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Worm genes take on bacterial foes

While fruit flies don't have as sophisticated an immune system as mammals do, studies of these insects have provided great insight into the more basic aspects of how people ward off infectious microbes. Offering the first evidence that creatures as simple as worms also have an effective immune defense, scientists report in the July 23 Current Biology that the nematode Caenorhabditis elegans mounts a counterattack when infected by bacteria.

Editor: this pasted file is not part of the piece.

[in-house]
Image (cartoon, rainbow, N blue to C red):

Gustavo V. Mallo of the University of the Mediterranean in Marseilles, France, and his colleagues found that infected worms boost the activity of many genes. Some of these genes encode proteins resembling ones with immune functions in more sophisticated animals.

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